Oct 14, 2018

Tale of four countries: The world’s evolving energy mixes

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Data: IEA; Chart: Naema Ahmed/Axios

A United Nations scientific body just released a seminal report on how the world’s energy systems would have to be transformed to adequately address climate change.

The big picture: The world is still heavily dependent upon fossil fuels. It accounts for 81% of the world's energy consumption, a figure that hasn’t changed in 30 years. Evolving electricity mixes is one clear gauge of how countries are doing cutting their greenhouse gas emissions and using cleaner energy technologies.

The details: Four countries — United States, Japan, China and Denmark — illustrate the challenges different parts of the world have in greening their electricity mixes. You can hover over the Denmark graphic to pull up the same info for any other country.

  1. The United States' greenhouse gas emissions are at lows not seen in decades, thanks largely to cleaner-burning natural gas displacing the far dirtier coal, along with an increase in renewables. While the U.S. is a leader in cutting its emissions, President Trump wants to withdraw America from the Paris climate deal and bring back coal, which would increase domestic emissions.
  2. Japan is a case study of what is likely to happen today when a lot of carbon-free electricity goes away. After the country shut down its nuclear power plants in response to the 2011 Fukushima disaster, its dependence on fossil fuels — and natural gas in particular — increased.
  3. China is ground zero for all things energy and climate change given its population size and energy appetite. Its dependence on coal is huge, yet it’s also leading in developing renewable energy. Its second-largest source of electricity is actually hydropower, a renewable energy that doesn’t get as much attention today as wind and solar.
  4. Denmark is a prime example of the potential for wind energy, particularly offshore. The renewable energy provides nearly 50% of the country’s electricity, a huge growth just over the last couple of decades.

Go deeper: UN details massive changes needed to slow global warming

Go deeper

Coronavirus dashboard

Illustration: Aïda Amer/Axios

  1. Global: Total confirmed cases as of 5:30 p.m. ET: 5,375,648 — Total deaths: 343,721 — Total recoveries — 2,149,412Map.
  2. U.S.: Total confirmed cases as of 5:30 p.m. ET: 1,639,872 — Total deaths: 97,599 — Total recoveries: 361,239 — Total tested: 13,784,786Map.
  3. World: White House announces travel restrictions on Brazil, coronavirus hotspot in Southern Hemisphere Over 100 coronavirus cases in Germany tied to single day of church services — Boris Johnson backs top aide amid reports that he broke U.K. lockdown while exhibiting symptoms.
  4. Public health: Officials are urging Americans to wear masks headed into Memorial Day weekend Report finds "little evidence" coronavirus under control in most statesHurricanes, wildfires, the flu could strain COVID-19 response
  5. Economy: White House economic adviser Kevin Hassett says it's possible the unemployment rate could still be in double digits by November's election — Public employees brace for layoffs.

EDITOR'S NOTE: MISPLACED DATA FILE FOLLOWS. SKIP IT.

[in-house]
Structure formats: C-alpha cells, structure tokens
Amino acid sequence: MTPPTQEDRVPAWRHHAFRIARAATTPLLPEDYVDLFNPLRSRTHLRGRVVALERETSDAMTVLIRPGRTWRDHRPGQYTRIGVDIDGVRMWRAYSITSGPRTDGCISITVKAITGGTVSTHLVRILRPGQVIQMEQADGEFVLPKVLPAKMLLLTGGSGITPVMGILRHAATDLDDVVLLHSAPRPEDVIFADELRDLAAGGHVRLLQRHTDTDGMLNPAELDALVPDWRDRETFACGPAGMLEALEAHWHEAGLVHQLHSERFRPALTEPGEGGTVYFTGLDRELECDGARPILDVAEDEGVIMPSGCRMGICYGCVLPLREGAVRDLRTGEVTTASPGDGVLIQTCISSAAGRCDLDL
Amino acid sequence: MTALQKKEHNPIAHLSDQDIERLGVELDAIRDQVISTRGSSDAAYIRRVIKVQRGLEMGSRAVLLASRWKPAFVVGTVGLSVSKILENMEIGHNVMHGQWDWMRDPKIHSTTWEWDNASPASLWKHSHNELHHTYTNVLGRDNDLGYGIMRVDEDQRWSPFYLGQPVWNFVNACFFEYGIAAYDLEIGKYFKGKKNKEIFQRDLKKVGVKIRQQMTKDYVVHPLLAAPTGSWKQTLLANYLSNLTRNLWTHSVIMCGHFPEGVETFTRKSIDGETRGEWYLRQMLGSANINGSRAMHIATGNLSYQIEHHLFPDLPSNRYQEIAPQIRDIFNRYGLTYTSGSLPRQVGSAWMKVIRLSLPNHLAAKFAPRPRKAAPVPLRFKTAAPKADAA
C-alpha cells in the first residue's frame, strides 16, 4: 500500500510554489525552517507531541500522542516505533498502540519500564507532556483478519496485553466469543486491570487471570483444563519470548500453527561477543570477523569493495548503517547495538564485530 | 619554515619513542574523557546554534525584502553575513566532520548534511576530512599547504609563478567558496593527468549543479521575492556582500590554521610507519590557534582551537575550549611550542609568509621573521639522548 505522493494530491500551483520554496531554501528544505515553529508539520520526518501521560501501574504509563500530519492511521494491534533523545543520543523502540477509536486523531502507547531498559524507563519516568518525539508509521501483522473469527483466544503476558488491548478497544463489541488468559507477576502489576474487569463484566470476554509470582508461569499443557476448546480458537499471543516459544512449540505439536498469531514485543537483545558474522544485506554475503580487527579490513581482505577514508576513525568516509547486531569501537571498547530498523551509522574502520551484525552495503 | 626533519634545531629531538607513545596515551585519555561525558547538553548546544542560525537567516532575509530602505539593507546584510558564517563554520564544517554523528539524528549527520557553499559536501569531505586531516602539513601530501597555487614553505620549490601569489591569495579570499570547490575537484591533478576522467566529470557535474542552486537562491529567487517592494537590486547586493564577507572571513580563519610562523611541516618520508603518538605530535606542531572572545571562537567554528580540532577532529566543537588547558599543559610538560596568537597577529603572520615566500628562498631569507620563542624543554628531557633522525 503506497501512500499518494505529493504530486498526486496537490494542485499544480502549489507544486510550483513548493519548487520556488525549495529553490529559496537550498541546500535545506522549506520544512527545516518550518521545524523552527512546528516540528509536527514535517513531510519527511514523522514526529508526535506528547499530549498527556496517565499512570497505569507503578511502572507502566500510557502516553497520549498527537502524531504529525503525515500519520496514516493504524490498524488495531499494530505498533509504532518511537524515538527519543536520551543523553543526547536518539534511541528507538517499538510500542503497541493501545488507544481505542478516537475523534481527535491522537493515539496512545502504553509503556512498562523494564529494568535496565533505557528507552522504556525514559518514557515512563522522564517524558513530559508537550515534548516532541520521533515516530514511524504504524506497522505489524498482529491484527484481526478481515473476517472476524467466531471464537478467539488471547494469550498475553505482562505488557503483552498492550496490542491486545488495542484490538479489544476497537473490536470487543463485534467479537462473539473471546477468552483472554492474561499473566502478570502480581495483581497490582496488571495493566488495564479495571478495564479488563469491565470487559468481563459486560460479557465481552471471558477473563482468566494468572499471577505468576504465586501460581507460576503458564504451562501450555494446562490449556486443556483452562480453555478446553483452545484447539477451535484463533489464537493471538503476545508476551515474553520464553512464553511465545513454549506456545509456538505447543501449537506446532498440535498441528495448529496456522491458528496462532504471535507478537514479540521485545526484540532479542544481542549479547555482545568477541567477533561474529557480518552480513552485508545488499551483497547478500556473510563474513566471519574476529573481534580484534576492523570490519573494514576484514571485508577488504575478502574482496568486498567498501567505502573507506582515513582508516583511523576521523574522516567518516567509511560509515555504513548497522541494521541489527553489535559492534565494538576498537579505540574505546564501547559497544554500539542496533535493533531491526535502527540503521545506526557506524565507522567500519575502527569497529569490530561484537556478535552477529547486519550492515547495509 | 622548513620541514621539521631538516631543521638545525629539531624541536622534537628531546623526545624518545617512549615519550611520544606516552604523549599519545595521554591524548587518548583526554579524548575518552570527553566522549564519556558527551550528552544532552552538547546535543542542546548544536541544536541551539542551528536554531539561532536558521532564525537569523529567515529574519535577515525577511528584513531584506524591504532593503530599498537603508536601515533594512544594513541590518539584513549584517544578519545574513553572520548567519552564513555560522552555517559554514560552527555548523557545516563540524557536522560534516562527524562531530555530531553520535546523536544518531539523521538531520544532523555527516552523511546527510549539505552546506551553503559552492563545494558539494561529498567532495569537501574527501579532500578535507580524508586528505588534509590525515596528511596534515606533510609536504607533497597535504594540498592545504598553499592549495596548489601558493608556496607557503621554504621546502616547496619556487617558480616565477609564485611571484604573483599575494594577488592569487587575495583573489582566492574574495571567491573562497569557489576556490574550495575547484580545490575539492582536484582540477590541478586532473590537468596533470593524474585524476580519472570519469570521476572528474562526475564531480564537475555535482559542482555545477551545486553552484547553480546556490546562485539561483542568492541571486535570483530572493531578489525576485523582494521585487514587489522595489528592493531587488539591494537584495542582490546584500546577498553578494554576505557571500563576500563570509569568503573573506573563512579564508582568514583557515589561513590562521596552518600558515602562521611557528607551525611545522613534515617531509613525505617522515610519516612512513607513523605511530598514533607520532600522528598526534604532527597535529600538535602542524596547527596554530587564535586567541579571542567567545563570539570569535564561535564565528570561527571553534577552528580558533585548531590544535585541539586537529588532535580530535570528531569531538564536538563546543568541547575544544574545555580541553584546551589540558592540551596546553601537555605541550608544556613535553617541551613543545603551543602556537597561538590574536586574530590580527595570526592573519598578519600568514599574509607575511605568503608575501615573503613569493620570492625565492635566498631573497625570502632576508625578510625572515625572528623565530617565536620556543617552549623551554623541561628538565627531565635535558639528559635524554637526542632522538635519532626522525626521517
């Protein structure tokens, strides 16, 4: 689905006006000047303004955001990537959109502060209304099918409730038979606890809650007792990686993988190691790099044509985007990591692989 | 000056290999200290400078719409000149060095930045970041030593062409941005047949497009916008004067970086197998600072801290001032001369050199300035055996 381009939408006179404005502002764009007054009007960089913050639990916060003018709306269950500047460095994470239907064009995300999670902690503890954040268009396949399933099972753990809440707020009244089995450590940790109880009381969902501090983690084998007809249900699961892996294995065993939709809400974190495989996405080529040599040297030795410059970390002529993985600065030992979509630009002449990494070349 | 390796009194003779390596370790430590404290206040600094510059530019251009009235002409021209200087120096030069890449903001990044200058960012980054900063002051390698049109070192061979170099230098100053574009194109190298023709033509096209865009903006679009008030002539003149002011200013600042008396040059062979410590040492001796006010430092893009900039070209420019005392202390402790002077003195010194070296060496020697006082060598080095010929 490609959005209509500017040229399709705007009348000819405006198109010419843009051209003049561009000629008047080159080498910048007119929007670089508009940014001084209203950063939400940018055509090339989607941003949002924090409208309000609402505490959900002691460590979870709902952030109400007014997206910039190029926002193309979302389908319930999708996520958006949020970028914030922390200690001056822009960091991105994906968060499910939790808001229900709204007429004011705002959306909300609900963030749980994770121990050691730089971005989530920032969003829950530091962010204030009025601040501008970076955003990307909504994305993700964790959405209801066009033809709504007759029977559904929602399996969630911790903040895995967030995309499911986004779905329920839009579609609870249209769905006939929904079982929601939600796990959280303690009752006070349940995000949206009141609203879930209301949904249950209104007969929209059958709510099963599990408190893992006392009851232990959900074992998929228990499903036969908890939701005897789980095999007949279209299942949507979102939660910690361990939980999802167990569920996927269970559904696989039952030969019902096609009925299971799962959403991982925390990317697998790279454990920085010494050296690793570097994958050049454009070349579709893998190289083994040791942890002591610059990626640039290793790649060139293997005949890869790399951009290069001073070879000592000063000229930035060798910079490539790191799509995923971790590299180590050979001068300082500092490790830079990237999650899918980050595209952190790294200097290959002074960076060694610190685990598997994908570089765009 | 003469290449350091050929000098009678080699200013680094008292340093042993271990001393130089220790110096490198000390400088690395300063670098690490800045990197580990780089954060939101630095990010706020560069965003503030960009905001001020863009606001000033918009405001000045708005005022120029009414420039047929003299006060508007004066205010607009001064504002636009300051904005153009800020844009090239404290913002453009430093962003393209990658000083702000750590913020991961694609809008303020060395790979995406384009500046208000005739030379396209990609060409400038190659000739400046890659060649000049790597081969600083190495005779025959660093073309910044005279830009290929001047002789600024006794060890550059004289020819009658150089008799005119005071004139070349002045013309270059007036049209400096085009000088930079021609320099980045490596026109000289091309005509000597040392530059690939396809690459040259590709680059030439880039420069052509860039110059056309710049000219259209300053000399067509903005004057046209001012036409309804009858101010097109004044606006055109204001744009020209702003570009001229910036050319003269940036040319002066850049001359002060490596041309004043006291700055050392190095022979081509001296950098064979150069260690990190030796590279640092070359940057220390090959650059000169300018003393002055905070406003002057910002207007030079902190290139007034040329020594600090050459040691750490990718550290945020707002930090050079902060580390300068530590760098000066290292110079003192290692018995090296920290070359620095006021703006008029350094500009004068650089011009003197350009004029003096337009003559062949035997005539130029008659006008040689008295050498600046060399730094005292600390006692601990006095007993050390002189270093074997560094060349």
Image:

6. Federal government: Trump attacks a Columbia University study that suggests earlier lockdown could have saved 36,000 American lives.
  7. What should I do? Hydroxychloroquine questions answeredTraveling, asthma, dishes, disinfectants and being contagiousMasks, lending books and self-isolatingExercise, laundry, what counts as soap — Pets, moving and personal healthAnswers about the virus from Axios expertsWhat to know about social distancingHow to minimize your risk.
  8. Other resources: CDC on how to avoid the virus, what to do if you get it, the right mask to wear.

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Updated 1 hour ago - Politics & Policy

White House announces new coronavirus travel restrictions on Brazil

Brazilian President Jair Bolsonaro with Trump, March 19, 2019. Photo: Jim Lo Scalzo-Pool via Getty Images

The White House announced that beginning at 11:59 pm ET on Thursday, President Trump would suspend entry of non-U.S. citizens who have been in Brazil in the past 14 days in an effort to stop the imported spread of the coronavirus.

Why it matters: Brazil has reported nearly 350,000 confirmed cases of the coronavirus — the second-most in the world behind the U.S. — and has emerged as a Southern Hemisphere hotspot as other heavily affected countries in Asia and Europe have managed to get their outbreaks under control.

Trumpworld's plan to brand Biden

Illustration: Aïda Amer/Axios. Photos: Chip Somodevilla/Getty Images, Mandel Ngan/AFP

Trump's advisers relish the contrast between his public appearances and Joe Biden's lack thereof. The former vice president, following the guidance of public experts, has eschewed public events and stayed home for months now. Trump, meanwhile, is out and about — masks be damned.

What we're hearing: Watch for plenty more mask-free outings from Trump, hyping the reopening of the economy and avoiding discussions of social distancing and death counts.